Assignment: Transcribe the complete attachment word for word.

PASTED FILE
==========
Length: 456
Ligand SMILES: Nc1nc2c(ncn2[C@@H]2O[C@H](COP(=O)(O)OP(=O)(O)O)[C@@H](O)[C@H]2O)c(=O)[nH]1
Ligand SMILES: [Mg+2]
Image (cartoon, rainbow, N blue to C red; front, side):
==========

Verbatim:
Length: 456
Ligand SMILES: Nc1nc2c(ncn2[C@@H]2O[C@H](COP(=O)(O)OP(=O)(O)O)[C@@H](O)[C@H]2O)c(=O)[nH]1
Ligand SMILES: [Mg+2]
Image (cartoon, rainbow, N blue to C red; front, side):